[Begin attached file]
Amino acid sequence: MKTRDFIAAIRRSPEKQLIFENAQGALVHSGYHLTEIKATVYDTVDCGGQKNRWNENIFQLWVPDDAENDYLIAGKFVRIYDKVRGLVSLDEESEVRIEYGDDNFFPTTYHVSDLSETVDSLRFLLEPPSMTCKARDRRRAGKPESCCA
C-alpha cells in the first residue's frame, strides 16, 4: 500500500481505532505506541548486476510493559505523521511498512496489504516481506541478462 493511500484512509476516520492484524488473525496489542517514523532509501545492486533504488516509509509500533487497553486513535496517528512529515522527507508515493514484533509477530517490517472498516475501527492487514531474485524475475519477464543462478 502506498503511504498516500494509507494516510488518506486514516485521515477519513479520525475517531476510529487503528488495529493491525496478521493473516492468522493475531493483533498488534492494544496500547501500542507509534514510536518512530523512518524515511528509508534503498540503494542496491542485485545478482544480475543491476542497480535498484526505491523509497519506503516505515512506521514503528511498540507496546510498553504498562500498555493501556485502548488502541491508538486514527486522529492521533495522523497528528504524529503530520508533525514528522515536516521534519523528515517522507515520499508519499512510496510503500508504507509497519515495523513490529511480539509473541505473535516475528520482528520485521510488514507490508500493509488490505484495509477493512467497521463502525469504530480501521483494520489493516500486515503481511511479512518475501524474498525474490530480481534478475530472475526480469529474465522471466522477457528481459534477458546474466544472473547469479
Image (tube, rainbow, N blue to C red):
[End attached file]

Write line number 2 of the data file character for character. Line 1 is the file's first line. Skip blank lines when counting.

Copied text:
C-alpha cells in the first residue's frame, strides 16, 4: 500500500481505532505506541548486476510493559505523521511498512496489504516481506541478462 493511500484512509476516520492484524488473525496489542517514523532509501545492486533504488516509509509500533487497553486513535496517528512529515522527507508515493514484533509477530517490517472498516475501527492487514531474485524475475519477464543462478 502506498503511504498516500494509507494516510488518506486514516485521515477519513479520525475517531476510529487503528488495529493491525496478521493473516492468522493475531493483533498488534492494544496500547501500542507509534514510536518512530523512518524515511528509508534503498540503494542496491542485485545478482544480475543491476542497480535498484526505491523509497519506503516505515512506521514503528511498540507496546510498553504498562500498555493501556485502548488502541491508538486514527486522529492521533495522523497528528504524529503530520508533525514528522515536516521534519523528515517522507515520499508519499512510496510503500508504507509497519515495523513490529511480539509473541505473535516475528520482528520485521510488514507490508500493509488490505484495509477493512467497521463502525469504530480501521483494520489493516500486515503481511511479512518475501524474498525474490530480481534478475530472475526480469529474465522471466522477457528481459534477458546474466544472473547469479